- zern_n2_m1[pos],
);

n as f64 * zern_n1_m[pos]
+ n as f64 * zern_n1_m1[pos]
);
}
} else if n % 2 == 0 && m == n / 2 {
// Collect Needed Prior Zernike and Gradient Polynomials

// Index (n - 1, n - 1 - m)
let (_, zern_n1_n1m) = zernike_map.get(&(n - 1, n - 1 - m)).unwrap();

// Index (n - 1, m)
let (_, zern_n1_m) = zernike_map.get(&(n - 1, m)).unwrap();

// Index (n - 1, m - 1)
let (_, zern_n1_m1) = zernike_map.get(&(n - 1, m - 1)).unwrap();

// Index (n - 2, m - 1)
let (_, zern_n2_m1) = zernike_map.get(&(n - 2, m - 1)).unwrap();

// Index (n - 2, m - 1)

// Index (n - 2, m - 1)

// Iterating through every input coordinate point, define the new
// Zernike, and Zernike Gradient values evaluated at the coordinates input.
for pos in 0..coordinates.len() {
let x: f64 = coordinates[pos].x;
let y: f64 = coordinates[pos].y;

// Calculate new values
new_zern_values.push(
2.0 * x * zern_n1_m[pos] + 2.0 * y * zern_n1_m1[pos] - zern_n2_m1[pos],
);

}
} else {
// Collect Needed Prior Zernike and Gradient Polynomials

// Index (n - 1, n - m)
let (_, zern_n1_nm) = zernike_map.get(&(n - 1, n - m)).unwrap();

// Index (n - 1, n - 1 - m)
let (_, zern_n1_n1m) = zernike_map.get(&(n - 1, n - 1 - m)).unwrap();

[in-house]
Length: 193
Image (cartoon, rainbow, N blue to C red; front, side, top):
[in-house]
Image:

// Index (n - 1, m)
let (_, zern_n1_m) = zernike_map.get(&(n - 1, m)).unwrap();

// Index (n - 1, m - 1)
let (_, zern_n1_m1) = zernike_map.get(&(n - 1, m - 1)).unwrap();

// Index (n - 2, m - 1)
let (_, zern_n2_m1) = zernike_map.get(&(n - 2, m - 1)).unwrap();

// Index (n - 2, m - 1)

// Index (n - 2, m - 1)

// Iterating through every input coordinate point, define the new
// Zernike, and Zernike Gradient values evaluated at the coordinates input.
for pos in 0..coordinates.len() {
let x: f64 = coordinates[pos].x;
let y: f64 = coordinates[pos].y;

// Calculate new values
new_zern_values.push(
x * zern_n1_m[pos] + y * zern_n1_n1m[pos] + x * zern_n1_m1[pos]
- y * zern_n1_nm[pos]
- zern_n2_m1[pos],
);

n as f64 * zern_n1_m[pos]
+ n as f64 * zern_n1_m1[pos]
);
n as f64 * zern_n1_n1m[pos] - n as f64 * zern_n1_nm[pos]
);
}
}
// Add the new values to our nifty hashmap

zernike_map.insert((n, m), (Ansi { j: ansi_order }, new_zern_values));
} // End of inner azimuthal loop
} // End of outer radial order loop

// There is no real reason to convert out of a hashmap here, other than we use a vec outside of this.
// However, I am pretty fond of the hashmap and may change it to output that instead
let output_zern = zernike_map
.values()
.cloned()
.collect::<Vec<(Ansi, Vec<f64>)>>();

.values()
.cloned()
.collect::<Vec<(Ansi, Vec<f64>)>>();

.values()
.cloned()
.collect::<Vec<(Ansi, Vec<f64>)>>();

}


Python Code

from collections import defaultdict
import numpy as np